A Syrian who says he was illegally pushed back into Turkey by Greek authorities is suing the European Union border agency Frontex for alleged complicity.
The Front-Lex legal association, which is representing the plaintiff Alaa Hamoudi, made the announcement on Thursday.
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Hamoudi’s lawsuit was lodged on March 10, according to the European Court of Justice website.
Hamoudi is claiming $550,000 from Frontex for action he said the Greek coastguard took on between April 28 and 29 in 2020.
Front-Lex said that, after Hamoudi arrived on the Greek island of Samos with about 20 other asylum seekers, they were loaded by Greek authorities onto a crowded inflatable dinghy and abandoned at sea for 17 hours.
A Frontex plane surveilled the situation at the time, alleged Hamoudi, who now resides in Turkey.
Such an act, if proven, could constitute “refoulement” – the forcible return of refugees or asylum seekers, which is illegal under international law binding on all countries.
Frontex, the EU’s biggest agency, with a budget of $832m this year, has been helping the Greek coastguard monitor the Greek side of the maritime border with Turkey.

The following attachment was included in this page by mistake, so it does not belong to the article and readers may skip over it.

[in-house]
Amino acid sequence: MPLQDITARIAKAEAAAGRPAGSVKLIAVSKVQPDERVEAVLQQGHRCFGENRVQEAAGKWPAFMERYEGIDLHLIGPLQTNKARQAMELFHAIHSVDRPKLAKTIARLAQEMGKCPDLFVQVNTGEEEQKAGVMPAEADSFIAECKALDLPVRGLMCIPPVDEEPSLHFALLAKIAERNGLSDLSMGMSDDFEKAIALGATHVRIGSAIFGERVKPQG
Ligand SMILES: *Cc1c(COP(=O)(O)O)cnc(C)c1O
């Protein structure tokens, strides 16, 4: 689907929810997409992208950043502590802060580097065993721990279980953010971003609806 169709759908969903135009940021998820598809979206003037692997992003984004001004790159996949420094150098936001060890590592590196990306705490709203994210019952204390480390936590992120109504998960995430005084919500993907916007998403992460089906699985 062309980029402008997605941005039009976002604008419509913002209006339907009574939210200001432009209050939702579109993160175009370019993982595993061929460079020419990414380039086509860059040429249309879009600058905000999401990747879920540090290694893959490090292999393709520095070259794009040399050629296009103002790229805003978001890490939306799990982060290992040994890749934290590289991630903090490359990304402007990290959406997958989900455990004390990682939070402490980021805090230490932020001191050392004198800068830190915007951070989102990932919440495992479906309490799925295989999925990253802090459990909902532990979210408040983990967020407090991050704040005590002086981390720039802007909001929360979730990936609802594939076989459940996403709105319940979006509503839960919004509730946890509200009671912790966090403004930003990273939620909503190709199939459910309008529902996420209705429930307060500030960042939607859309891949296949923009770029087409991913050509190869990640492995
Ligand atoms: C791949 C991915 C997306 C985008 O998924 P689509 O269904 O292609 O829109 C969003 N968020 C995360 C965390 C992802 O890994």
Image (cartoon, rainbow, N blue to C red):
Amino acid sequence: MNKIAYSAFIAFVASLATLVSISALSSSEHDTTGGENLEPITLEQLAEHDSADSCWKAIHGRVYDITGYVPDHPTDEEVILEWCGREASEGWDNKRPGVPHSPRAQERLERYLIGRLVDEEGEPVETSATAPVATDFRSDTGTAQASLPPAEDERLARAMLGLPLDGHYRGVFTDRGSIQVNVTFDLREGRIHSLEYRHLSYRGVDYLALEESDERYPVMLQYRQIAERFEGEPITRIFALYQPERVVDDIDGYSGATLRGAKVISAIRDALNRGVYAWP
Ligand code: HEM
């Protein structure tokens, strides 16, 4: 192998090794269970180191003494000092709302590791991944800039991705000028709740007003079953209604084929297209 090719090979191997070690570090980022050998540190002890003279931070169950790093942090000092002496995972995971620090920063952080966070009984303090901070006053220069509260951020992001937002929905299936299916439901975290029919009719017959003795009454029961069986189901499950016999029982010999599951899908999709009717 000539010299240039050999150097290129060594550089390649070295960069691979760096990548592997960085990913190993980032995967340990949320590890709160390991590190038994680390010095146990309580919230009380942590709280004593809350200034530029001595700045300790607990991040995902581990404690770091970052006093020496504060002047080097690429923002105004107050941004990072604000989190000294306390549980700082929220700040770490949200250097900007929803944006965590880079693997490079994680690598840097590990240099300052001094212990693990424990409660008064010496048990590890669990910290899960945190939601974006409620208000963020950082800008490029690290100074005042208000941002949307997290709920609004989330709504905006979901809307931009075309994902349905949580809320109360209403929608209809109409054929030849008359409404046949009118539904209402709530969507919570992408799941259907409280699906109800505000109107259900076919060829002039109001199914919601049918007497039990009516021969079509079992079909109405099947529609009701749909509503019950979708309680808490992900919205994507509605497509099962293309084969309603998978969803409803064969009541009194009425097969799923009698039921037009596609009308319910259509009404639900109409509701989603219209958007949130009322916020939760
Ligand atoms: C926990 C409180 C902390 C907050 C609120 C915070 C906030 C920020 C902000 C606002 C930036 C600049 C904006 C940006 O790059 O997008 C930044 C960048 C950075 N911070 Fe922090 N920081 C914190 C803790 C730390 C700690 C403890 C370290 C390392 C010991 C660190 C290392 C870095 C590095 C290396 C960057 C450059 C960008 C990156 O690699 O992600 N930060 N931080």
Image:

An October 2020 investigation carried out by the open-source analysis group Bellingcat, along with the journalist cooperative Lighthouse Reports and several media outlets, including Der Spiegel, determined that Frontex was complicit in refoulements in Greek waters.
The findings triggered several inquiries in the EU about Frontex and its practices.
However, a working group set up by Frontex’s own management board released a conclusion that there were “no indications” of Hamoudi’s incident reported by those outlets.
In February, the EU’s anti-fraud office OLAF sent conclusions from its own investigations to Frontex’s board, but those have so far been kept under a cloak of confidentiality.